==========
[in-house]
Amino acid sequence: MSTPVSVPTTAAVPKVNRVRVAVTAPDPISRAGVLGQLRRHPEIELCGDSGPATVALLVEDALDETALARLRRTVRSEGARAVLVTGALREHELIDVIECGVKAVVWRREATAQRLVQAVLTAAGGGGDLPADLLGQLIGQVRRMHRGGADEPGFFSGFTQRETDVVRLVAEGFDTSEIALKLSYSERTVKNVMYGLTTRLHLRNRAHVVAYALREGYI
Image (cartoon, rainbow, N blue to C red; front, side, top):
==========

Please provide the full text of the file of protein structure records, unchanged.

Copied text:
[in-house]
Amino acid sequence: MSTPVSVPTTAAVPKVNRVRVAVTAPDPISRAGVLGQLRRHPEIELCGDSGPATVALLVEDALDETALARLRRTVRSEGARAVLVTGALREHELIDVIECGVKAVVWRREATAQRLVQAVLTAAGGGGDLPADLLGQLIGQVRRMHRGGADEPGFFSGFTQRETDVVRLVAEGFDTSEIALKLSYSERTVKNVMYGLTTRLHLRNRAHVVAYALREGYI
Image (cartoon, rainbow, N blue to C red; front, side, top):